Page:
This simple fact has been causing my breath to catch in my chest for the past several days. This little girl, this piece of my heart, has somehow gotten to this moment, and it feels sudden and shocking and bittersweet.
I was so terrified when she began school. She was so tiny.
She didn't speak. She was starting at a community cooperative preschool that expected kids to be able to use the bathroom independently, serve and clean up after themselves and negotiate a new, exciting and scary world. She would be going outside to an enormous playground with adults watching from the sidelines, when all summer I had been one step behind, spotting her all the way.
She had only started walking a few months before. She hadn't begun to potty train. She could sign fairly proficiently, yet nobody at her new school knew sign language. Her new teacher had no experience with children with intellectual disabilities. There were so many worries to add to my list.
Yet look how far she has come.
Today, when I dropped her off at school, a crowd of four boys started yelling from the playground and running toward us, yelling "Cora's here!" As the kids walked in a line, hopping into the building, I witnessed a small skirmish between two young boys. One of them bitterly responded that the other boy wasn't his friend, to which the other child said, "Yeah, well I love Cora." "No, I love Cora!" came the counter-attack.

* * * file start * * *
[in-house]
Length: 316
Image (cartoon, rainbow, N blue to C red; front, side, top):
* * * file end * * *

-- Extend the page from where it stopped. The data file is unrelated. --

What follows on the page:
After Cora gave me a final hug goodbye, I walked away, trying not to let the other parents see me holding back my tears.
So yes this week feels awfully bittersweet.
Don't get me wrong. We are so excited for next year. We are thrilled that Cora will be going to her neighborhood school alongside peers of all abilities in the general education classroom. We are delighted that the kindergarten teacher that attended her IEP meeting specifically requested that Cora be in her classroom, and called me on my phone a couple weeks ago to tell me that she was excited that Cora would get to be in her classroom and also in her Early Kindergarten Transition program for a few weeks this summer. We are excited and terrified. And we are so so hopeful. For we know that this is one more step in Cora's process of learning to navigate this world on her own two feet. Yes, she will have a lot of help. Help from us, from her teachers and therapists, from her friends and family.
But it is she that is leading this path.
It is she that is sharing her soul and her joy, and her marvelous and uncanny ability to get and give so much love. She is the one who shines, who surprises people and who makes connections wherever she goes. It is her path. And we are here to follow her and support her as she goes.
As the school year has been winding up, I've found myself getting frustrated with the work involved and eager to leave this phase behind. But now I am seeing what we are leaving and looking at it through new and sentimental eyes. And I'm thankful for these moments, when I'm given the chance to have this clarity to appreciate just how important an experience this has been. Cora has community. Cora has friends. Cora has adults and children who care about her and want to see her do well and be happy.
Cora has made a mark, as we always knew she would.
And so we will leave this phase behind, acknowledging the marks she's leaving behind her and looking forward to the many yet to come.